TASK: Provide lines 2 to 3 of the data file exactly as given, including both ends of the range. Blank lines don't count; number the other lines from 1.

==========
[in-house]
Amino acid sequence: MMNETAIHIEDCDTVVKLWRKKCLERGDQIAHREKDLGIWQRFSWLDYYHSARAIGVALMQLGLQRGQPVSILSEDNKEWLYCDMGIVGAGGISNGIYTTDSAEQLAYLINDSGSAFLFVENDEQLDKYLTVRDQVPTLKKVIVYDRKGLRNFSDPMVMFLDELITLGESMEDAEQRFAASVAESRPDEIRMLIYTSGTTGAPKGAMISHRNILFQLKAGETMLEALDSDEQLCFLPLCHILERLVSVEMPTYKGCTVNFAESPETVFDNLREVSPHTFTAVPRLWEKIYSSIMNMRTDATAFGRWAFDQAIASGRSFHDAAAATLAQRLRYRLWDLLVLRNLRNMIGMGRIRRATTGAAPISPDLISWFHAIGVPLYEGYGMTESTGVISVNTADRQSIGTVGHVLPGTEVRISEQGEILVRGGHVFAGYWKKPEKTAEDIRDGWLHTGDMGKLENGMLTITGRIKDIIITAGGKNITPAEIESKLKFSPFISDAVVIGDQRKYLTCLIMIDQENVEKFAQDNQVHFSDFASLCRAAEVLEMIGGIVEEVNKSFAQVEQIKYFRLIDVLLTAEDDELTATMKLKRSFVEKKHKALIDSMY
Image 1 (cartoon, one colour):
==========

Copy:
Amino acid sequence: MMNETAIHIEDCDTVVKLWRKKCLERGDQIAHREKDLGIWQRFSWLDYYHSARAIGVALMQLGLQRGQPVSILSEDNKEWLYCDMGIVGAGGISNGIYTTDSAEQLAYLINDSGSAFLFVENDEQLDKYLTVRDQVPTLKKVIVYDRKGLRNFSDPMVMFLDELITLGESMEDAEQRFAASVAESRPDEIRMLIYTSGTTGAPKGAMISHRNILFQLKAGETMLEALDSDEQLCFLPLCHILERLVSVEMPTYKGCTVNFAESPETVFDNLREVSPHTFTAVPRLWEKIYSSIMNMRTDATAFGRWAFDQAIASGRSFHDAAAATLAQRLRYRLWDLLVLRNLRNMIGMGRIRRATTGAAPISPDLISWFHAIGVPLYEGYGMTESTGVISVNTADRQSIGTVGHVLPGTEVRISEQGEILVRGGHVFAGYWKKPEKTAEDIRDGWLHTGDMGKLENGMLTITGRIKDIIITAGGKNITPAEIESKLKFSPFISDAVVIGDQRKYLTCLIMIDQENVEKFAQDNQVHFSDFASLCRAAEVLEMIGGIVEEVNKSFAQVEQIKYFRLIDVLLTAEDDELTATMKLKRSFVEKKHKALIDSMY
Image 1 (cartoon, one colour):